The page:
The record side of Columbia has a through-line of chaos that's reflected in the Type 3 box.  Despite its being one of the most eye-catching record packages ever produced, it has two typos.  The Graphophone banner is one.  Also, the box designer dutifully copied the addresses on the Type 1/2 boxes, misspelling Chestnut Street for the third time!  This error was corrected when these boxes were reprinted (Type 4) and pricing information was briefly dropped.

 

The growth of the company precipitated another re-printing - and a change in cylinder announcement - in early 1900 when the company opened an office in London (Type 5). 

 

During this period, the company decided to drop location names from their recordings altogether.  The announcement was changed from New York & London to Columbia Phonograph Company (no city) until they started molding brown wax in late 1901.  Concurrently, recording speed was (finally) standardized at 160 rpm and the announcement was changed to Columbia Record.

 

Having seen 1000s of Columbia brown wax cylinders, there's something fishy about this box sequence that George has discovered too.  One would expect the prevalence of box types to parallel the prevalence of cylinders produced during the same time, but they don't.  There are relatively few Type 5 boxes during the 2 years prior to molding.  Furthermore, the Type 6 style is much less common than the prevalence of molded brown wax cylinders would imply.  Yet, the Type 3/4 boxes show up a lot.

 

Like George, I have found cylinders with announcements from later periods in Type 4 boxes.  Of course, it's plausible that a subsequent owner created the mismatch, sometimes gluing a label on the box or lid.  But, my empirical guess is that the company had a significant oversupply of these and used them after giving up on announcements and packages with aligned office locations.  I also believe that, having achieved great prominence in the record business, Columbia chose to adopt a more staid look (Type 7).  This design not only gave the company an established, solid look.  Its 2-color design was also cheaper to print.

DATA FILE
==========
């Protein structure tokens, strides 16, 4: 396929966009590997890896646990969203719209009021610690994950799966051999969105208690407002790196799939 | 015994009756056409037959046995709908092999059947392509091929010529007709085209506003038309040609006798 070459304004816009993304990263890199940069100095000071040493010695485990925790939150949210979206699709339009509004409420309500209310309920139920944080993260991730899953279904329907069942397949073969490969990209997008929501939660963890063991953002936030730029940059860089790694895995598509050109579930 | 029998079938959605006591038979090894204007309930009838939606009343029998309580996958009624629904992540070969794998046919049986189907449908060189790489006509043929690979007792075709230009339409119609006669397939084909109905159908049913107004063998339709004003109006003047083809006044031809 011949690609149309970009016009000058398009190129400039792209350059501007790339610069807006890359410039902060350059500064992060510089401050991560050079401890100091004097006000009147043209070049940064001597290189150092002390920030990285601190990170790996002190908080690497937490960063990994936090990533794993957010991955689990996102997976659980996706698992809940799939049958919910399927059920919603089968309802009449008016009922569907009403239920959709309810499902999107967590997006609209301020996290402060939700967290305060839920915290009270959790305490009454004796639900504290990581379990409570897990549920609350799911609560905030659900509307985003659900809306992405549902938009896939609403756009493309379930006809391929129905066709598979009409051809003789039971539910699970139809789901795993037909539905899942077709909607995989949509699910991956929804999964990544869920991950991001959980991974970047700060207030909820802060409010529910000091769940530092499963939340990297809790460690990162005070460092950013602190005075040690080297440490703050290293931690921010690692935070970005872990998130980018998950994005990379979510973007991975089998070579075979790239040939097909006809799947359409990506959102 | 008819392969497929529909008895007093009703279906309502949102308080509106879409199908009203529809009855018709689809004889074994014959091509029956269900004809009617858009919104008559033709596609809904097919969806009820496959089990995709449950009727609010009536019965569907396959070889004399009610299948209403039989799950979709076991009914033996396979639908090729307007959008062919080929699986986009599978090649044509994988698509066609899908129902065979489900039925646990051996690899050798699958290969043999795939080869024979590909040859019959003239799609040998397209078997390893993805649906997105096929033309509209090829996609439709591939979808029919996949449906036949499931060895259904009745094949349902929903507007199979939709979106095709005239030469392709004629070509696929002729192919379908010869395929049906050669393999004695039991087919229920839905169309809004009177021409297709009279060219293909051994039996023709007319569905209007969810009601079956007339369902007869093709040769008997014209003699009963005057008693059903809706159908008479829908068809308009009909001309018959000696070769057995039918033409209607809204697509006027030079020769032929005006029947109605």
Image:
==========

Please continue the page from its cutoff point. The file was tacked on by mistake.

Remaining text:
John

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phonoobsession

Thanks John!

 

Indeed the continued typo (Chestnut Street) on TYPE 3 and its correction with TYPE 4 is a strong proof for this sequence. All your other explanations are also very conclusive. Great information!

 

I just can't agree with you that Columbia TYPE 3 was "one of the most eye-catching record packages ever produced". ;-) It was quite nice, given it was an early printed record label and compared with other American cylinder boxes. But some European cylinders had much nicer labels. A few examples: http://www.phonoobsession.de/cylinder_record_boxes.html That's why I am working on a book about cylinder record boxes - there were so many beautiful ones. ;-)

 

Cheers,

Helmut

 

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John - - I never caught that "Chesnut Street" misspelling!  Thanks for your excellent observations on chronology and production.

 

Helmut - - You have some outstanding images of truly beautiful cylinder record boxes.  I must agree that most U.S. cylinder boxes (and talking machines too) cannot approach Europe for decorative design.  I'm looking forward to your book!  (Don't I still owe you a few pictures?  If so, please send me an email reminding me of what you need and I'll get on it.)

 

George P.

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FWIW, IMO Helmut is 100% correct about Type 3/4 Columbia boxes standing out compared with AMERICAN boxes (emphasis added).  An astonishing number of European companies produced more elaborate designs and packages than American record labels.  

 

At the risk of introducing cultural and personal bias, there are legitimate reasons for this.  By the late 1890s, the American cylinder business was aiming at a mass market.  Package design was targeted for mainstream American taste with predictable results.  Concurrently, in Europe, the phonograph was aimed at the carriage trade with a lot of emphasis on expensive machines and records.  Hence, package design was more sophisticated as was repertoire.  

 

Helmut, we need you to complete your book!

 

John